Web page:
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  • Victims and Relatives Canvass for War Crimes Reparations Law in El Salvador
Published 1 September 2017

75,000 people were killed and a further 8,000 disappeared during the 12-year conflict.

A group of organizations representing the victims of crimes committed during El Salvador's civil war have presented a proposal for a Comprehensive Reparation Law to the nation's Legislative Assembly.


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They are calling for the State to respond "to the crimes committed in the country's conflict" including murders, human rights violations and enforced disappearances, between 1980 and 1992.

Relatives of the victims, as well as victims themselves, marched from the Cuscatlan park in the capital San Salvador to the Assembly building where they met the Deputy of the country's ruling Farabundo Front for National Liberation, or FMLN, Nidia Diaz and handed in the proposal.

Roxana Concepcion Benitez, one of the victims who took part in the march, told the Spanish news agency Efe that "it is time for reparations and the corresponding authorities should respond to us because they are many brothers, fathers and mothers who are still missing and for whom we continue to fight." 

Benitez said the deputies of the Salvadoran Congress should support them by analyzing and approving the law, because she said, it "will benefit all the victims of war who have been forgotten."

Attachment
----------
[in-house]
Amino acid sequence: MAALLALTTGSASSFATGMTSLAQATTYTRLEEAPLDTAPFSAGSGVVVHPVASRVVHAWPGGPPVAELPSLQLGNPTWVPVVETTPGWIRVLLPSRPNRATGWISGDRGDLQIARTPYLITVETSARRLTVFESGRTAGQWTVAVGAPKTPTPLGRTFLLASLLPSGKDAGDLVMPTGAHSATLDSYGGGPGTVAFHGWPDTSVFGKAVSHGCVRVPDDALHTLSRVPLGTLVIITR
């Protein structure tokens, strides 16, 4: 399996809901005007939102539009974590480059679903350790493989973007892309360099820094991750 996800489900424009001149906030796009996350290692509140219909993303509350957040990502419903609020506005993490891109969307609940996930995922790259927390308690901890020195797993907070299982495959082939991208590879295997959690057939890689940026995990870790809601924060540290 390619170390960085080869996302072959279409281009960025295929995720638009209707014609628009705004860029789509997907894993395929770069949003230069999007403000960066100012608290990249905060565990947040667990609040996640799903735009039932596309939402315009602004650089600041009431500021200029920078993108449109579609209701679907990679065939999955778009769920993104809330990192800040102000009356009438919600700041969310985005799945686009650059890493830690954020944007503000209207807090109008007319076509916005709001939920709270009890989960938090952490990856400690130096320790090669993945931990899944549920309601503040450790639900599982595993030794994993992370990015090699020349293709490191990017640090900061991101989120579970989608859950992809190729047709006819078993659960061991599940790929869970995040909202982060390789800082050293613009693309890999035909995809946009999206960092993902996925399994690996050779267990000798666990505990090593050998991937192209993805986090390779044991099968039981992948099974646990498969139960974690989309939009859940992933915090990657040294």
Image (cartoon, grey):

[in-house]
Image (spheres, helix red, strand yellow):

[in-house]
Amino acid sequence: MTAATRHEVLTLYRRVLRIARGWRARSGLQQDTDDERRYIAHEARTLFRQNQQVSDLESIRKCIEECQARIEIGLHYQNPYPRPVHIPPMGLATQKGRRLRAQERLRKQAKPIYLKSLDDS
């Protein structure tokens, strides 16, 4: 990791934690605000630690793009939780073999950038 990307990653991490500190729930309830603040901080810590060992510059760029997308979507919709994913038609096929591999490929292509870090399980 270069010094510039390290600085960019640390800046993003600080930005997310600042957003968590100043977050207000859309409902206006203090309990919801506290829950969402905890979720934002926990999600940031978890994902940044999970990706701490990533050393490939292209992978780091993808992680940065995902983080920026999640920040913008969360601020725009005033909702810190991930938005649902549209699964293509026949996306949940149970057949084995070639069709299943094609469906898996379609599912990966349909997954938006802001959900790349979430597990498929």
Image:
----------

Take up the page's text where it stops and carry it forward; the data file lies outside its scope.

Roxana's younger brother, 17-year-old Jose Tito Benitez, went missing on November 11, 1981, from the town of Mejicanos where he lived with his family. She said she found out three years after his disappearance that he had been abducted by "death squads and the National Police."

The proposed law calls for the setting up of a reparation fund, a registry of victims and additional compensation measures.

The legislation was recommended by United Nations-mandated Truth Commission which brokered an end to the war in the early 1990s.

A 2016 judgment, which ruled that a previous amnesty law was unconstitutional, also ordered "the consideration of comprehensive reparation measures for victims."  

During the 12-year war, the guerrillas of the FMLN, which later became a political party, fought against the US-backed military government.

75,000 people were killed and a further 8,000 disappeared, according to official figures. 

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